She sent out for one of those short, plump little cakes called petites madeleines, which look as though they had been moulded in the fluted scallop of a pilgrim’s shell. . . .
I raised to my lips a spoonful of the tea in which I had soaked a morsel of the cake. No sooner had the warm liquid, and the crumbs with it, touched my palate than a shudder ran through my whole body, and I stopped, intent upon the extraordinary changes that were taking place . . . at once the vicissitudes of life had become indifferent to me, its disasters innocuous, its brevity illusory.
— Marcel Proust, Remembrance of Things Past. (English translation, C. K. Scott-Moncrieff. London: Chatto and Windus, 1922)
This passage from Proust, perhaps the most famous words in all of French literature, has made these delicate little cakes immortal.
But I will confess that it’s not dunked in tea that I prefer nibbling madeleines. I’m more likely to be sipping a glass of Cognac or a chocolate martini when I enjoy them.
Undoubtedly though, there’s always a certain je ne sais quoi about biting into a madeleine. After all, a tiny cake that can inspire such revelations is definitely worth savoring.
These chocolate madeleines are a delicious take on the traditional vanilla or lemon ones. They might not trigger an involuntary memory, but they’ll surely make you reach for seconds… or even thirds.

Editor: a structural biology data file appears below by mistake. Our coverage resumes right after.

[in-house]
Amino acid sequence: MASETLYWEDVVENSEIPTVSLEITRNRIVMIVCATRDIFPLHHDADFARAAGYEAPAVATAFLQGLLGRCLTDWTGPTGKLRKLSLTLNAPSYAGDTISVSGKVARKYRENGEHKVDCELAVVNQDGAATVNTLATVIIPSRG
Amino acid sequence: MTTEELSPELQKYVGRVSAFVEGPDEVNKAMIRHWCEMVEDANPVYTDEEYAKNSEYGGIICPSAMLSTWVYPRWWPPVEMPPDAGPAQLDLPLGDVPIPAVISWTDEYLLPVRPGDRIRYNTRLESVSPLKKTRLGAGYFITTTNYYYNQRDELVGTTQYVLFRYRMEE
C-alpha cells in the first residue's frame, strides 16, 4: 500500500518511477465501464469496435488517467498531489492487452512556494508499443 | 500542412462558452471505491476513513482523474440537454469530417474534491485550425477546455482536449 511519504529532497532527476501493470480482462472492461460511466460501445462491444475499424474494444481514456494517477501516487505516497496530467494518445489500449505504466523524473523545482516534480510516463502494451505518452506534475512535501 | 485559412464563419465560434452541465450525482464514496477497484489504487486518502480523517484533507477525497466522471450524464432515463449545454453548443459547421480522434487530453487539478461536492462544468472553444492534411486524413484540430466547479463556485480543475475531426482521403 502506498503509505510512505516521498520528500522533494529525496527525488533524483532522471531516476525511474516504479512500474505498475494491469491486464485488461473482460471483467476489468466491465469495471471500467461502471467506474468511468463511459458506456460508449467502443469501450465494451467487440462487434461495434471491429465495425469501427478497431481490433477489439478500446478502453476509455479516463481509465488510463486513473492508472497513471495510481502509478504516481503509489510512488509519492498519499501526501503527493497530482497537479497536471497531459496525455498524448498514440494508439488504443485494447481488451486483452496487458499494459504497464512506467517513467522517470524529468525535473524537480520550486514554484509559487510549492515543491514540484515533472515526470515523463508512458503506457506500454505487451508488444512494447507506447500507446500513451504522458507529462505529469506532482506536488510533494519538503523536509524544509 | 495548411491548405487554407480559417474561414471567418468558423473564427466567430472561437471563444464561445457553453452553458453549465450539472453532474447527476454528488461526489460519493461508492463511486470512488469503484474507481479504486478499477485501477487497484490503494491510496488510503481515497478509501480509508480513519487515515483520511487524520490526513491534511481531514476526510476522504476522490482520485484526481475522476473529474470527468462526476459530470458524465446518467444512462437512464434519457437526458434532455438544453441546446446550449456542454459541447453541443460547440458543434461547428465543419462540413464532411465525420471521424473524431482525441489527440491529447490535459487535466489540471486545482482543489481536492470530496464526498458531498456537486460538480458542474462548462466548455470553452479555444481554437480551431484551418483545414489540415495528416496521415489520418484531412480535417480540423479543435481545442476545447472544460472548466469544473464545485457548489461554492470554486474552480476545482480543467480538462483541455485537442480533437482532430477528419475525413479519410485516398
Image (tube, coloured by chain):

Try the madeleines with this decadent chocolate-ginger martini with cayenne-spiked rim… or with a glass of Cognac or Armagnac!
makes 1 dozen large madeleines
active time: 30 min
- 6 tablespoons unsalted butter
- 1/3 cup unbleached all-purpose flour
- 1/4 cup Dutch process cocoa – sifted
- 1/2 teaspoon baking powder
- pinch sea salt
- 2 extra large eggs – at room temperature
- 1/3 cup organic sugar
- 1 tablespoon Godiva chocolate liqueur or Cognac
- 1 teaspoon vanilla extract
- powdered sugar – sifted, as garnish
- 1 non-stick madeleine pan
- Wax paper or Silpat
- Preheat the oven to 350ºF (180ºC).
- Step 1: Melt butter in a small pan and transfer to a small bowl to cool. Very lightly brush the Madeleine mold with the melted butter, making sure butter doesn’t collect in the grooves, and dust with flour.
- Step 2: In a small bowl, combine the flour, cocoa, baking powder and salt.
- Step 3: In a large bowl place the eggs. Whisk with an electric mixer at high speed until pale and thick (about 2 minutes). Slowly add the sugar, liqueur and vanilla and continue whisking at high speed until well incorporated.
- Step 4: Add half the flour mixture to the egg mixture. Fold it in carefully. Then add half the melted butter, folding carefully. Repeat again and fold until flour and butter have been just incorporated. Do not overmix.
- Step 5: Spoon the batter into the prepared mold. Bake for 8 to 10 minutes until risen and a toothpick inserted in the center comes out clean. Remove from oven and carefully invert onto a cooling rack lined with wax paper or Silpat. The Madeleines should pop right out. Once the Madeleines have cooled to room temperature, sprinkle them with the powdered sugar and serve.
- Cook’s note: The madeleines are best eaten the day they’re made but will store up to 2 days in a sealed container at room temperature.
Disclaimer: As always, my point of view is my own. I do not accept samples, and have no commercial relationship with any product, food or wine company.